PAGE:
It's Risky to Work Hard

Good email exchange up between Bill Simmons of ESPN Magazine and Malcolm Gladwell. Their sports knowledge is way over my head (I am only a mediocre fan, after all) but Gladwell touches on something really interesting.

It’s very risky to work hard.

Because then if you fail you can no longer say that you failed because you didn’t work hard. It’s a form of self-protection. I swear that’s why Mickelson has that almost absurdly calm demeanor. If he loses, he can always say: Well, I could have practiced more, and maybe next year I will and I’ll win then. When Tiger loses, what does he tell himself? He worked as hard as he possibly could. He prepared like no one else in the game and he still lost. That has to be devastating, and dealing with that kind of conclusion takes a very special and rare kind of resilience. Most of the psychological research on this is focused on why some kids don’t study for tests — which is a much more serious version of the same problem. If you get drunk the night before an exam instead of studying and you fail, then the problem is that you got drunk. If you do study and you fail, the problem is that you’re stupid — and stupid, for a student, is a death sentence. The point is that it is far more psychologically dangerous and difficult to prepare for a task than not to prepare. People think that Tiger is tougher than Mickelson because he works harder. Wrong: Tiger is tougher than Mickelson and because of that he works harder.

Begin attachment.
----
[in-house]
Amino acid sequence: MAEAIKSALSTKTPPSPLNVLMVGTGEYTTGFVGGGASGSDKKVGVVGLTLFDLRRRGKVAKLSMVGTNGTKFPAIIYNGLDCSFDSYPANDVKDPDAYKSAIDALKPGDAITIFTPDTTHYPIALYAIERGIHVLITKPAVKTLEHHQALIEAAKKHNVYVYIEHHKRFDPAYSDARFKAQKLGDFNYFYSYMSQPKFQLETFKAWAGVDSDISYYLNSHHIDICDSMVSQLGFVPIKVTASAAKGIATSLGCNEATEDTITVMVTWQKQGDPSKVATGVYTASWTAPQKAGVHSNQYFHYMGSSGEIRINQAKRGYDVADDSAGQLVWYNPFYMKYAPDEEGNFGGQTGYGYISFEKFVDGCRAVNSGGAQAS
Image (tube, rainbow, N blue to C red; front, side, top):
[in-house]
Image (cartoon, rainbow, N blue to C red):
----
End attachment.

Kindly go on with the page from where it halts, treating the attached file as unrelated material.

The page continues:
I see this all the time, and indeed have practiced this form of self-protection myself. It’s also a treadmill that you can never get off once you’re on. If you establish a reputation for working as hard as you possibly can at X, and then fail at X for whatever reason, everyone is going to say you failed. You’re a failure. It wasn’t just that you blew it off. That’s why people specialize in something, announce to the world that they’re good at it, and make sure they never screw it up.

How many times have you gotten something from someone with the cover note, "This is just a really rough cut, let me know your thoughts." I have both received and sent this kind of thing all the time. People are very cunning at revealing how hard they really worked at something.

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